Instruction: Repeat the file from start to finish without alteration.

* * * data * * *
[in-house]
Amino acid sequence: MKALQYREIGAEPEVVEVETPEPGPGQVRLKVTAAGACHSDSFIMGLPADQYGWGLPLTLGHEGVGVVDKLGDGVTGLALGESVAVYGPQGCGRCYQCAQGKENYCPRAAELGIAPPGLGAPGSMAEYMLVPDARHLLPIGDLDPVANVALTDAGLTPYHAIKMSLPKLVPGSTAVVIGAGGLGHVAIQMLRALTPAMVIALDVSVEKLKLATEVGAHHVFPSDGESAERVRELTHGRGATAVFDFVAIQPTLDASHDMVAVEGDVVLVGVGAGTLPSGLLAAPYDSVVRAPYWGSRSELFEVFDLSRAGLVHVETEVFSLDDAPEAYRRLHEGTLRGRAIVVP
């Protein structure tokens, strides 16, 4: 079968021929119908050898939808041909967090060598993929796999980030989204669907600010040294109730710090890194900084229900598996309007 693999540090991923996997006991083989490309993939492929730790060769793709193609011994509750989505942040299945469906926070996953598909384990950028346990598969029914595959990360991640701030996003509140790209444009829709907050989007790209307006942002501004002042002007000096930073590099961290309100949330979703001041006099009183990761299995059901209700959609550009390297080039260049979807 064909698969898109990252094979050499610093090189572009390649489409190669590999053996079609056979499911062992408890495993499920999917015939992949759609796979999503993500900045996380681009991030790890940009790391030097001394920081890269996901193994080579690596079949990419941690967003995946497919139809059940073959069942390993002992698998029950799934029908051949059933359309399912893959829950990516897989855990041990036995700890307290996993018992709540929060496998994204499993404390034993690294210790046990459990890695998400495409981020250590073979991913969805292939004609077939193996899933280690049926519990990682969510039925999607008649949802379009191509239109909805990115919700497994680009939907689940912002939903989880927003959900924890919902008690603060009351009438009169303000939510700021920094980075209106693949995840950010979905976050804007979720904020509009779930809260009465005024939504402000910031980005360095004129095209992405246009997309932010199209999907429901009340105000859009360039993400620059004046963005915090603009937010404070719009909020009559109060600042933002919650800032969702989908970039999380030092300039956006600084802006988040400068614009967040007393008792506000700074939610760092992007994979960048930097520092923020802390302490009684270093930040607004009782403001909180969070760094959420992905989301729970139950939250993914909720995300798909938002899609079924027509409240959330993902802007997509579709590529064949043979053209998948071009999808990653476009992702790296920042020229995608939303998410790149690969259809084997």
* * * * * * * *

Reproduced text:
[in-house]
Amino acid sequence: MKALQYREIGAEPEVVEVETPEPGPGQVRLKVTAAGACHSDSFIMGLPADQYGWGLPLTLGHEGVGVVDKLGDGVTGLALGESVAVYGPQGCGRCYQCAQGKENYCPRAAELGIAPPGLGAPGSMAEYMLVPDARHLLPIGDLDPVANVALTDAGLTPYHAIKMSLPKLVPGSTAVVIGAGGLGHVAIQMLRALTPAMVIALDVSVEKLKLATEVGAHHVFPSDGESAERVRELTHGRGATAVFDFVAIQPTLDASHDMVAVEGDVVLVGVGAGTLPSGLLAAPYDSVVRAPYWGSRSELFEVFDLSRAGLVHVETEVFSLDDAPEAYRRLHEGTLRGRAIVVP
């Protein structure tokens, strides 16, 4: 079968021929119908050898939808041909967090060598993929796999980030989204669907600010040294109730710090890194900084229900598996309007 693999540090991923996997006991083989490309993939492929730790060769793709193609011994509750989505942040299945469906926070996953598909384990950028346990598969029914595959990360991640701030996003509140790209444009829709907050989007790209307006942002501004002042002007000096930073590099961290309100949330979703001041006099009183990761299995059901209700959609550009390297080039260049979807 064909698969898109990252094979050499610093090189572009390649489409190669590999053996079609056979499911062992408890495993499920999917015939992949759609796979999503993500900045996380681009991030790890940009790391030097001394920081890269996901193994080579690596079949990419941690967003995946497919139809059940073959069942390993002992698998029950799934029908051949059933359309399912893959829950990516897989855990041990036995700890307290996993018992709540929060496998994204499993404390034993690294210790046990459990890695998400495409981020250590073979991913969805292939004609077939193996899933280690049926519990990682969510039925999607008649949802379009191509239109909805990115919700497994680009939907689940912002939903989880927003959900924890919902008690603060009351009438009169303000939510700021920094980075209106693949995840950010979905976050804007979720904020509009779930809260009465005024939504402000910031980005360095004129095209992405246009997309932010199209999907429901009340105000859009360039993400620059004046963005915090603009937010404070719009909020009559109060600042933002919650800032969702989908970039999380030092300039956006600084802006988040400068614009967040007393008792506000700074939610760092992007994979960048930097520092923020802390302490009684270093930040607004009782403001909180969070760094959420992905989301729970139950939250993914909720995300798909938002899609079924027509409240959330993902802007997509579709590529064949043979053209998948071009999808990653476009992702790296920042020229995608939303998410790149690969259809084997």